The spacewalk was the sixth career spacewalk for both Mastracchio and Anderson, and the 143rd spacewalk dedicated to space station assembly since construction began in 1998.
Both men have about 38 1/2 hours of spacewalking work under their belts. In all, they spent 20 hours 16 minutes working outside Discovery and the space station on this flight.
Tuesday?s spacewalk was also the last ever planned for the shuttle Discovery. When the shuttle next flies to the space station (a delivery mission slated for September), there are no spacewalks planned. That September flight is expected to be the last flight for Discovery and NASA?s final space shuttle mission.?
A couple of hours into the spacewalk, Anderson noticed some wear on one of his spacesuit gloves, but Mission Control said it was no problem unless the bottom layers on the glove were cut.
?I?ve got 51-year-old eyes but it doesn?t look like it?s cut,? Anderson said.
astronauts retrieved some unneeded aluminum debris shields from the space
station?s exterior, chores left over from the astronaut duo?s earlier spacewalk
Anderson was unable to hitch a ride on the station?s Canadian-built robotic arm to the European Space Agency?s Columbus laboratory to retrieve an experiment because time was short. Instead, he prepared some tools that would be needed on NASA?s next shuttle mission in May.
Mastracchio prepared an antenna for installation during a future shuttle mission, before checking on a beam that was installed during an earlier spacewalk that flight controllers have noticed wobbling. The astronauts were spacewalking on the 40th anniversary of the oxygen tank explosion that crippled the Apollo 13 mission in April 1970.
The two spaceflyers made sure to take time to enjoy their work in space, since it could be the last time they see a shuttle in space from the outside. The views of Earth from space were astounding, they said.
?Wow, what a view,? said Anderson.
?It?s incredible, isn?t it?? Mastracchio replied.
?The Earth is a beautiful place,? Anderson said. ?It?s too bad more people can?t have that view. Maybe, one day.?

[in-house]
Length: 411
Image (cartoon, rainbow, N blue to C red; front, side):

Meanwhile, inside the space station the spacewalkers? crewmates have been hard at work transferring some of the 17,000 pounds (7,711 kg) of cargo Discovery hauled to the space station inside its Leonardo cargo pod.
Discovery blasted off last Monday and is in the midst of a 14-day flight to the International Space Station and due to land in Florida on April 19.
The mission is one of NASA?s last few shuttle missions before the fleet is retired in September. Only three more shuttle flights are scheduled after this one.
NASA?s space shuttle fleet is the only spacecraft currently flying that is large enough to haul parts like the ammonia tanks, which are the size of large refrigerators, to the International Space Station. Once the fleet is retired later this year, NASA will be dependent on Russia to ferry astronauts to and from the station until American commercial spacecraft become available.
President Barack Obama is expected to discuss the future of NASA?s space exploration plan Thursday during a summit in Florida.
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SPACE.com is providing complete coverage of Discovery's STS-131 mission to the International Space Station with Managing Editor Tariq Malik and Staff Writer Clara Moskowitz based in New York. Click here for shuttle mission updates and a link to NASA TV